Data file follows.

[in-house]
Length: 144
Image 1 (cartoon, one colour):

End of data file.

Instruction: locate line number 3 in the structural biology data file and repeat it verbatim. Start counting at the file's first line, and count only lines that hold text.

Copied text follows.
Image 1 (cartoon, one colour):